Eastlake Residents Unsure of Affordable Housing Development
By Adelaide Chen
A local nonprofit developer has purchased land in Oakland’s Eastlake area to build affordable rental units for low-income families. But some residents say the influx of new households will bring parking and traffic congestion to their relatively calm neighborhood.
Wedged on three sides by the 880 freeway, the commercial East 12th Street, and the football field of Laney Community College, this portion of the city was once designated for residential and light industrial use. Victorian houses exist side by side with automotive shops and contractors.
But now the winds are changing. Stretching one block long and about half and block wide, a dirt lot is the proposed construction site for a four-story, affordable housing development.
A chain link fence topped with razor wire encircles the lot, littered with construction trucks and materials, including spools of industrial wire. But even though it’s an eyesore, many neighbors say they would prefer to keep the property as is.
For most of her life, America de la Pena, 25, has lived two houses away from the dirt lot surrounded by a chain link fence topped with barbed wire, and construction trucks coming in and out.
“It’s better like that than all the people,” she said.
The people she refers to are the families that will occupy 55 rental units.
In order to qualify as tenants, a four-member household would have to make below 60 percent of the area median income–less than $51,660 annually, said Robert Stevenson with the developer, Resources for Community Development.
On the high end, a family of four might pay $1000 for a three-bedroom rental, he said. The units will have between one and four bedrooms.
Almost a third of the rental units would be set aside for Section 8 housing, where a tenant would pay rent using a calculated percentage based on their income. The Oakland Housing Authority would then cover the difference in rent.
Resident de la Pena said the garage parking, one or two per unit, would not be enough to keep parked cars off the street.
Neighbors have written letters and made their way to meetings with the city council member to publicly voice their feelings. But for the nonprofit housing developer, such sentiment is normal–even in low income neighborhoods such as this one.
Once they see the other affordable housing developments, they know they are constructed with high quality and well managed, said Stevenson. RCD has built more than 1400 housing units in Alameda, Contra Costa and Solano Counties since 1984.
“All poor neighborhoods get affordable housing,” said homeowner David Ryan, 43, who lives and works across the street from the lot. The city doesn’t build them in well-off areas such as the hills, he said. “I thought we were past this.”
Ryan said he had asked the developer to consider families of all income levels, instead of just low income. But the answer was simple–the proposal would qualify for more public funding if it could benefit more people that need affordable housing.
The proposal is set to receive $6.25 million in public funding, about three-quarters from city redevelopment funds, and the rest from federal funds, according Jeffrey Angell, housing development coordinator with Oakland’s Community and Economic Development Agency.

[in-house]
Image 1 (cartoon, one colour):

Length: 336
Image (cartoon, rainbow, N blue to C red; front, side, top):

“It looks like a big junkyard at the moment,” said Angell, “Being converted into residential use will be an improvement.”
But Ryan said he doesn’t mind the eyesore that is there now.
“I love it because I get to look at empty blue sky,” he said. Currently there is no building on the property across the street from where he works and lives.
The design of the building, four stories high, has been altered to address residents’ concerns. The fourth story now recedes from the front so that it’s not as noticeable, said Stevenson.
The main tenant that occupies the lot, Ray’s Electric, is a contractor that installs streetlights. An employee, who asked not to be named, said the owner has been given notice to vacate the property. The company plans to move to another location, he said.
Juan Guerra, 55, an automotive shop owner who lives and works across the street, said the owner of the property, a downtown Chevy dealer, had originally used the lot to store new cars.
He said it was the owner’s wife’s idea”to sell (the land) to somebody to be beneficial,” he said. “She’s always liked working with the community.”
But even though he works and lives across the street, he doesn’t think his voice will count.
“When I see they come with a steamroller. I know you can’t stop them,” said Guerra, who stopped participating after attending two meetings. “You put two and two together. You know how it works. You can’t stop a federally funded project.”
Last 5 posts by Adelaide Chen
- Burmese Monk Finds Refuge in Oakland - December 15th, 2008
- State Fund to Clean Up Gas Stations Low - December 6th, 2008
- Budget Cuts Expand to Vietnamese School - December 3rd, 2008
- Oakland Chinatown's Salvation Army Feeds 1500 - November 28th, 2008
- Community College Students Outraged Over Financial Aid - November 22nd, 2008